Colorado Gov. Jared Polis — a Democrat up for reelection — signed an executive order this week that will, essentially, protect Colorado from having to cooperate with other states’ investigations into people seeking or providing abortions.
Polis’ executive order states that Colorado will not help out with any criminal investigations or civil actions that originate in other states that are aimed at curbing access to abortion or punishing those involved in the procedure. Here’s the language of that part of the order, it’s seems rather sweeping:
“All state agencies and principal departments shall not, unless pursuant to a court order, provide information or data, including patient medical records, patient-level data, or related billing information, or expend time, money, facilities, property, equipment, personnel, or other resources to assist or further any investigation or proceeding initiated in or by another state that seeks to impose criminal or civil liability or professional sanction upon a person or entity for conduct that would be legal in Colorado related to providing, assisting, seeking, or obtaining reproductive health care.”
Polis also ordered the state Department of Regulatory Affairs to put measures in place to protect anyone who holds a Colorado professional license from “disciplinary action against a professional license or disqualified from professional licensure” for performing or seeking abortion care in any state.
“I will exercise the full extent of my discretion to decline requests for the arrest, surrender, or extradition of any person charged with a criminal violation of a law of another state where the violation alleged involves the provision of, assistance with, securing of, or receipt of reproductive health care, unless the acts forming the basis of the prosecution of the crime charged would also constitute a criminal offense under Colorado law,” Polis wrote in the order.
It’s not the first action Colorado has taken to shore up abortion rights in the state in the wake of Roe’s demise. Polis signed a bill into law earlier this year that protected access to abortion and contraceptives in the state.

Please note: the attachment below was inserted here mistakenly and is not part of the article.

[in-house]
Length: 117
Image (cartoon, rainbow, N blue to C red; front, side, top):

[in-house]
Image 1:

The governor said in a statement that the executive action was in part a reaction to the uptick in states not just passing abortion bans and restrictions after the Supreme Court overturned Roe, but also a response to the swelling threat of lawmakers in red states attempting to introduce legislation that’d allow them to police abortion action across state lines.
Polis’ state lines language is similar to the language of a law Connecticut lawmakers passed earlier this year that will protect Connecticut people seeking and performing abortions from being charged for the procedure in other states.
Basically since oral arguments on Dobbs in December — when conservative justices signaled they weren’t going to waste any time in overturning Roe — blue states across the nation have been making moves to codify abortion rights into state law, with some moving to enshrine the right in state constitutions if it wasn’t protected there already. But we haven’t yet seen a groundswell of actions on par with Colorado’s and Connecticut’s efforts to block the state-line policing.
It’s an issue TPM has been covering for a while. My colleague Kate Riga wrote about the emerging trend back in March, before Roe was overturned and just before the draft majority opinion was leaked. At the time, experts told TPM they’d long anticipated this next move on the anti-abortion front, predicting rather accurately that once Roe was overturned, anti-abortion advocates and politicians wouldn’t be content with a nation simply divided by bans and safe havens.
In a bleakly small bright spot in the majority’s opinion to end the constitutional right to an abortion, Supreme Court Justice Brett Kavanaugh quietly signaled in his concurrence that he would support the constitutional right to travel across state lines to seek abortion care.
“Some of the other abortion-related legal questions raised by today’s decision are not especially difficult as a constitutional matter,” Kavanaugh wrote. “For example, may a State bar a resident of that State from traveling to another State to obtain an abortion? In my view, the answer is no based on the constitutional right to interstate travel.”
But, as we know, Kavanaugh’s not one to stick to his word.
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